I am behind in updating here, but with good reason. After spending an uneventful weekend on home bed rest last weekend--including a monitoring session at the hospital with a good NST and decent blood pressures on Sunday--I was admitted to the hospital on Monday afternoon.
Ironically, I thought there wasn't really even much need for me to go in for a doctor's appointment that day. While at the hospital on Sunday morning for my NST, I'd had my blood pressure checked every 10 minutes, and each reading was under 140/90. Not great, but not in a dangerous range and better than some recent measurements I'd had.
Nonetheless, I followed my doctor's orders and went to the office on Monday afternoon. Where my blood pressure was 160/90 and I was immediately sent to the hospital and admitted for further monitoring and work-up.
I was freaked out about getting admitted. Worried about the babies, yes, and also just generally unsettled at the idea of having to be hospitalized. (Although I worked in hospitals as a nurse for seven years, I had never spent a night in one as a patient for any reason prior to Monday.) The last 36 hours or so have turned out to be not as bad as I feared they might.
When I was initially admitted, because my blood pressures were running so high, I was bolused with IV magnesium sulfate and started on a continuous mag drip. (I had also never had an IV before.) The mag made me feel extremely hot/flushed--I had my room's thermostat on 65 degrees and would have moved it lower if possible--and also gave me a headache, though I was fortunate to avoid the nausea/vomiting and other symptoms some women experience on mag. I hardly slept at all the first night; although the nurse was great about not disturbing me unduly, and I have a private room, between the unfamiliar environment, the uncomfortable bed, and the sound of two continuous fetal monitors, I was only able to sleep about three hours total. (Ugh.)
The first of two shots of betamethasone (a steroid given to help mature the babies' lungs) which I also got upon admission probably contributed to my restlessness and overheated feeling. (Though I will say that after 10 weeks of PIO shots, betamethasone was a piece of cake.)
At this point, the news is more encouraging than it was when I was admitted. (On Monday night, we weren't sure if I might have to be delivered within hours.) I had a repeat 24-hour urine collection which continues to show protein (1015), increased from my last 24-hour urine. . . but still in the "mild" and not the "severe" range. Most of my liver function tests look OK, and my platelet levels are normal. My resting blood pressures are running in the 130-140/80-90 range. (After any small exertion, though, they can shoot up to 160s/100s.) I've had a second betamethasone shot, and my blood sugars are a little elevated as a result but not to the point of requiring insulin.
On the plus side, my doctors are currently terming my preeclampsia "mild," which means there is no rush to deliver the babies. On the negative side, I will have to continue to remain in the hospital until I deliver, as the course of preeclampsia is so unpredictable and can quickly take a turn for the worse (as many of you reading likely already know). It's clear that my preeclampsia is progressing. . . . it just doesn't appear to be progressing too quickly at this point, thank goodness. Here's hoping that continues to be the case.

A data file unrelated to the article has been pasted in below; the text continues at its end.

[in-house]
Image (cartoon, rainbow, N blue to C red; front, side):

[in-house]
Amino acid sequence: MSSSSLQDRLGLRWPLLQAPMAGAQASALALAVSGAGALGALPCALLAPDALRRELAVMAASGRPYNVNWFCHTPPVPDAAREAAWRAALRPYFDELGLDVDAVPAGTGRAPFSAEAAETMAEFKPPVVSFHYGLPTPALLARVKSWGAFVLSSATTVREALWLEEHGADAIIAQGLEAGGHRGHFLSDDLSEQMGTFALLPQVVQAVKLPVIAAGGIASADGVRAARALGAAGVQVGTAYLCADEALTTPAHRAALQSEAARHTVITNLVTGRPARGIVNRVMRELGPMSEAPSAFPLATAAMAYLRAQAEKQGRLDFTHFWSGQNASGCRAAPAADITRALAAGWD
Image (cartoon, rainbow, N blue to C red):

The best news of all is that the babies appear to be doing very well in spite of mom's problems. Their monitoring has all been excellent, to the point where my OB ordered me to be off fetal monitoring last night to get some rest; she didn't feel continuous monitoring was necessary through a second night, given their condition. They had a comprehensive ultrasound yesterday, including a growth scan and check of their amniotic fluid levels and cord vessel blood flow, and everything looked great. Their estimated weights are now 5 lb 7 oz (Twin A) and 5 lb 4 oz (Twin B), which I'm told is very good for twins at nearly 34 weeks gestation.
I was uncharacteristically weepy yesterday thinking about all that could go wrong, but knowing that the babies appear to be doing well and that my pre-e symptoms aren't getting worse has helped. (Getting nearly a full night's sleep last night and being allowed to shower and wash my hair this morning probably helped some, too. Sometimes it's the little things.)
So that's where things are. I am still hoping to make it to 36 weeks, although I realize that may not be realistic at this point. Every day I can keep these boys in utero is another day they won't have to spend in the NICU, so I'm just trying to get through one day at a time.
Today we plan to have a tour of the NICU and visit with one of the neonatologists to prepare for the possibility of our boys' needing that care. I also plan to ask to meet with a lactation consultant, as I think I may need some help and guidance in building my milk supply for them, especially if they are premature and require NICU care. (Difficulty coordinating breathing with sucking is one problem common to babies born at 34 weeks.)
I remind myself that this possibility--the need for advanced care--is why I chose this OB group and this hospital (which is reckoned to have the best NICU in the metro area, if not the entire region) and why I established care with the maternal/fetal medicine specialists associated with this hospital. I can't control how my body is responding, but I believe I have done all I can to optimize the outcome for our babies. . . . which, at the end of the day, is all any of us can do.
Now all I can do is hope for the best.
Keep us in your thoughts. Thanks.